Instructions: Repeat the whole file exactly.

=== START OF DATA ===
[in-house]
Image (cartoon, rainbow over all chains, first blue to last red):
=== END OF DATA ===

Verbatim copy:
[in-house]
Image (cartoon, rainbow over all chains, first blue to last red):